“I oversaw all the marketing, entertainment and volunteer activities. I also put together … Global Explosion. I reached out to students and staff to promote the event. During the day/night of the event, I was in charge of entertainment and making sure the event was flowing,” Reddy said.

The date is already set for next year’s International Night, and the students in International Club will be hard at work organizing another night of cultural creativity.

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1 Comment

One Response to “UW-Platteville celebrates their International Students”

  1. lance johnson on April 27th, 2018 3:42 pm

    Celebrations like this are most important because being an international student away from home is difficult, compounded by our complex culture and language problems. Welcoming and assimilation assistance must come from numerous sources, including the White House, to aid these young people embarking on life’s journey. Most struggle in their efforts and need guidance from schools’ international departments, immigration protection, host families, concerned neighbors and fellow students, and even informative books to extend a cultural helping hand.
    Something that might help anyone coming to the US is the award-winning worldwide book/ebook “What Foreigners Need To Know About America From A To Z: How to Understand Crazy American Culture, People, Government, Business, Language and More.” Used in foreign Fulbright student programs and endorsed worldwide by ambassadors, educators, and editors, it identifies how “foreigners” have become successful in the US, including students.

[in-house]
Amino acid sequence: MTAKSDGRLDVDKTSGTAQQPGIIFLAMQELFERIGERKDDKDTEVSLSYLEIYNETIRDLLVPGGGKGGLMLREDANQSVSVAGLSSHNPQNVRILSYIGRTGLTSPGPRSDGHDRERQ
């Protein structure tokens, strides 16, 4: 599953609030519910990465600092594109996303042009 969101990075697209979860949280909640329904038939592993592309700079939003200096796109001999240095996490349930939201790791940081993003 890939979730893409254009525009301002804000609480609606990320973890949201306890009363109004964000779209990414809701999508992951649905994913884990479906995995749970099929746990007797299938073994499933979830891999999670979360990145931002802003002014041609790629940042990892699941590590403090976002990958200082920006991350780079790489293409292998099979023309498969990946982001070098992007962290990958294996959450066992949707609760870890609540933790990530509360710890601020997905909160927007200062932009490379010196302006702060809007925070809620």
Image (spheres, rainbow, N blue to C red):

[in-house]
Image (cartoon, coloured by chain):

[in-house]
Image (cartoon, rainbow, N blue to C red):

It explains how to cope with a confusing new culture and friendship process, and daunting classroom differences. It explains how US businesses operate and how to get a job (which differs from most countries), a must for those who want to work with/for an American firm here or overseas.
    It also identifies the most common English grammar and speech problems foreigners have and tips for easily overcoming them, the number one stumbling block they say they have to succeeding here.
    Good luck to all at UW-P or wherever you study or wherever you come from, because that is the TRUE spirit of the American PEOPLE, not a few in government who shout the loudest! Supporters of int’l students must shout louder.

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UW-Platteville celebrates their International Students